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3 agencies, 2 paint cans

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by MATTHEW NASH

Sequim Gazette

Two paint canisters believed to be hazardous material were found at noon on Monday, Feb. 14, under the U.S. Highway 101 overpass on Simdars Road.

 

Clallam County Fire District 3 and the Washington State Patrol reported the potential threat of cans wrapped in plastic grocery sacks.

 

The Department of Ecology in Olympia was called in to handle the canisters.

 

Kim Schmanke, communications manager for the Department of Ecology Southwest region, said the cans will be tested, and based on the contents, be disposed of properly.

 

When testing occurs depends on spill responders’ work load.

 

“They achieved the major priority: removing an unknown hazard from an unsafe location,” Schmanke said.

 

“Now that the cans are safely stored, they’ll be assessed when staff have a free moment to do so. In the meantime, they have to prioritize their work based on the calls that come in and other unmitigated risks we need to address.”

 

District 3 fire chief Steve Vogel said hazardous material spills are the responsibility of Washington State Patrol, and if the fire department were to pick up material, they would have to dispose of it, which can be expensive.

 

“We try not to take any ownership of any hazardous material,” Vogel said.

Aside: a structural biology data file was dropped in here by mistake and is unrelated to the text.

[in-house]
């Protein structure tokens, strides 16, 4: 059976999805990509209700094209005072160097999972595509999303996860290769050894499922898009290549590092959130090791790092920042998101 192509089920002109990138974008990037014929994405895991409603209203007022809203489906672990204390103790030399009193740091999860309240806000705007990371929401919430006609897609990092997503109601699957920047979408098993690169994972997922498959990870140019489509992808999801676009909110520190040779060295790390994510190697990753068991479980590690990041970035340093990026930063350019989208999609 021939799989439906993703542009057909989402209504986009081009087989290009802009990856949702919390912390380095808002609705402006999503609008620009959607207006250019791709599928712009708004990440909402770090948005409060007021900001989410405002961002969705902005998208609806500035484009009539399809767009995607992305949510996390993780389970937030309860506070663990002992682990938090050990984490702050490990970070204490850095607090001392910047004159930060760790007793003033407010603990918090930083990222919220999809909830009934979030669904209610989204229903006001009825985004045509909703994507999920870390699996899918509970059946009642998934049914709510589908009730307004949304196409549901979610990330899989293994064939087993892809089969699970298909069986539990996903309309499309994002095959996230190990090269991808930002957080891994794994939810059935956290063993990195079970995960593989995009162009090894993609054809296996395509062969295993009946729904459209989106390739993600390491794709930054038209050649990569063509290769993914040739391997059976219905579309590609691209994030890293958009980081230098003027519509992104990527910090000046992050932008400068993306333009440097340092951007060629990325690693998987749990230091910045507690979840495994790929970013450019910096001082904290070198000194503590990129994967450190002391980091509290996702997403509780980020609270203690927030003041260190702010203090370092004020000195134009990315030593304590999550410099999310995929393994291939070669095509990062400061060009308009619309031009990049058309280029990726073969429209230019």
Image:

“We’ll go out and identify it. If it’s not critical, then we’ll isolate the area, evaluate what the product is, and then have Department of Ecology or Washington State Patrol handle it. Then Department of Ecology will dispose of it. It’s our responsibility to protect property, but beyond that point, it’s (the responsibility of) Department of Ecology.”

 

Washington State Trooper Krista Hedstrom, public information officer, said typical hazardous materials/spills procedure for troopers is to set up an area of containment if necessary and call the nearest fire department and the Department of Ecology for disposal or clean-up, which depends on the material they encounter.

 

“Throughout most of the state, Washington State Patrol responds to any hazardous material call,” Hedstrom said.  

 

“We are the designated agency to respond and coordinate clean-up between fire departments and Department of Ecology.”

 

According to the Revised Code of Washington, the State Patrol is designated as the incident command agency in any hazardous materials incident on or along any state route or interstate freeway corridors, as well as within any jurisdiction that has not designated an incident command agency. The code also directs the State Patrol to provide assistance at the scene of hazardous materials incidents where a separate agency is designated as the incident command agency.

 

Vogel recommends citizens hold onto their possibly hazardous chemicals for disposal with the City of

Sequim, which has yet to set a date for its annual hazardous chemicals dump in April at the City of Sequim shop, 169 W. Hemlock St.

 

Schmanke said people who see containers dumped along the roadside have a couple of options: call 9-1-1 if the materials could cause an accident or emergency; otherwise call Department of Ecology’s spills hotline at 800-OILS-911 (200-258-5990).

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